Dental Radiology

Dental Radiology

Dental Radiology

What is dental radiology? Prior to an orthodontic procedure or a dental implant placement , a dentist usually takes a few x-rays to carefully assess the structure and thickness of the jaw bones that are going to be affected during the procedure. An additional benefit of x-rays is that they help determine the location of nerves and thereby...
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Dimitar Raynov

Dr.Dent.Med.

Insurances: Dentist of Choice , Private Practice

Address:

Liechtensteinstraße 46 Top 3 Stock Mezzanin (über Erdgeschoss)

1090 Vienna

Austria


Show Specialties
  • Private Practice Dentist
  • Dentist of Choice
  • Dental Radiology
  • Endodontics
  • Pediatric Dentistry
  • Periodontology
  • Implantology
  • Orthodontics removable (braces)
  • Orthodontics fixed (braces)
  • Prosthodontics
  • Oral Surgery
  • Prevention
  • General Dentistry

Dimitar Raynov

Alireza Emami Nouri

Dr.med.dent., Msc

Insurances: ÖGK , SVS , VA , PVA , BVAEB , KFA , Private Practice

Address:

Burggasse 105/2

1070 Vienna

Austria


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  • Private Practice Dentist
  • Dental Radiology
  • Endodontics
  • Pediatric Dentistry
  • Periodontology
  • Implantology
  • Orthodontics removable (braces)
  • Orthodontics fixed (braces)
  • Prosthodontics
  • Oral Surgery
  • Prevention
  • General Dentistry

Alireza Emami Nouri

Amelia T. Poser

Dr.med.dent.

Insurances: All Insurances , Private Practice

Address:

Simmeringer Hauptstraße 108A/2

1110 Vienna

Austria


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  • Private Practice Dentist
  • Dental Radiology
  • Endodontics
  • Periodontology
  • Implantology
  • Orthodontics removable (braces)
  • Prosthodontics
  • Prevention
  • General Dentistry

Amelia T. Poser

Katalin Martyan

Medic.Dent., MSc

Insurances: SVS , KFA , Dentist of Choice , Private Practice

Address:

Leonard-Bernstein Straße 8/1/EG6

1220 Vienna

Austria


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  • Private Practice Dentist
  • Dentist of Choice
  • Dental Radiology
  • Endodontics
  • Periodontology
  • Implantology
  • Prosthodontics
  • Oral Surgery
  • Prevention
  • General Dentistry

Katalin Martyan

Insurances: All Insurances

Address:

Hauptstraße 95

2123 Hautzendorf

Austria


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  • Dental Radiology
  • Endodontics
  • Pediatric Dentistry
  • Periodontology
  • Implantology
  • Prosthodontics
  • Oral Surgery
  • Prevention
  • General Dentistry

Erich Liska

Jaroslav Wilson

Dr. Med. Dent.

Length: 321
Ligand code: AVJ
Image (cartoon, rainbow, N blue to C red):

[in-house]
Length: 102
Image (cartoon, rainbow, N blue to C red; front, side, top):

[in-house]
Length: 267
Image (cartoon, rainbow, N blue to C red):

Insurances: Dentist of Choice , Private Practice

Address:

Karl-Popper-Str. 8 / 3 Stock

1100 Vienna

Austria


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  • Private Practice Dentist
  • Dentist of Choice
  • Dental Radiology
  • Endodontics
  • Pediatric Dentistry
  • Periodontology
  • Implantology
  • Orthodontics removable (braces)
  • Prosthodontics
  • Oral Surgery
  • Prevention
  • General Dentistry

Jaroslav Wilson

Svitlana Pokornik

Dr.Dent.Med.

Insurances: Private Practice

Address:

Rögergasse 32

1090 Vienna

Austria


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  • Private Practice Dentist
  • Dental Radiology
  • Pediatric Dentistry
  • Periodontology
  • Implantology
  • Orthodontics removable (braces)
  • Orthodontics fixed (braces)
  • Prosthodontics
  • Oral Surgery
  • Prevention
  • General Dentistry
Melanie Paulmayer

Dr. med. dent.

Insurances: All Insurances , ÖGK , SVS , VA , PVA , BVAEB , KFA , Private Practice

Address:

Kirchstetterngasse 49/2

1160 Vienna

Austria


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  • Private Practice Dentist
  • Dental Radiology
  • Endodontics
  • Pediatric Dentistry
  • Periodontology
  • Orthodontics fixed (braces)
  • Prosthodontics
  • Oral Surgery
  • Prevention
  • General Dentistry

Melanie Paulmayer

Insurances: Dentist of Choice , Private Practice

Address:

Graben 31,Top 11

1010 Vienna

Austria


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  • Private Practice Dentist
  • Dentist of Choice
  • Dental Radiology
  • Endodontics
  • Periodontology
  • Implantology
  • Prosthodontics
  • Oral Surgery
  • Prevention
  • General Dentistry

Istvan Joo

Insurances: ÖGK , SVS , PVA , BVAEB , KFA , Dentist of Choice , Private Practice

Address:

Lorystraße 89/2/1

1110 Vienna

Austria


Show Specialties
  • Private Practice Dentist
  • Dentist of Choice
  • Dental Radiology
  • Endodontics
  • Pediatric Dentistry
  • Periodontology